FIG. 4 is a block diagram illustrating a lead system 20 in accordance with the present invention positioned on a patient's back in a more superior position than is shown in FIG. 3. Electrical stimulation may be delivered between the device can 10, which is positioned in the abdominal cavity, and the electrodes 26A-26F of the lead system 20.
  • [0030]
    FIG. 5 is a block diagram illustrating a lead system 20 positioned around a patient's side, with electrodes 26A-26F extending to the patient's back in a more inferior position than is shown in FIG. 3 or 4. Electrical stimulation is delivered between the device can 10, which is positioned proximal the right side of the heart and the electrodes 26A-26F.
  • [0031]
    The above-described inventive system and method provides a therapy that avoids the risks of transvenous lead delivery. Such a system may be used for patients that are at-risk for arrhythmias, but have not yet experienced a confirmed arrhythmic episode. The device may therefore provide a needed long-term monitoring function, as well as any interventional therapy that is required.
  • [0032]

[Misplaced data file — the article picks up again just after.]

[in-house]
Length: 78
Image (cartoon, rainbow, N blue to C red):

The present invention provides an improved lead system and method of treatment that enables the treatment and monitoring of various types of arrhythmias, provides appropriate and successful defibrillation and sensing, and maximizes the muscle mass that it contacts. As discussed above, the inventive system provides many important benefits over other conventional systems for some patients. The procedure is faster because there is no need for venous or epicardial access, and therefore the procedure is less invasive, and would not require procedures needing sophisticated surgical facilities and devices. Additionally, the implant procedure can be accomplished without exposing the patient to potentially-harmful radiation that accompanies fluoroscopy. The risk of infection is reduced, and the procedure may be provided to patients that are contraindicated for a more traditional device. Additionally, the system is more comfortable than externally-worn devices. The system is well suited for both adult and pediatric use.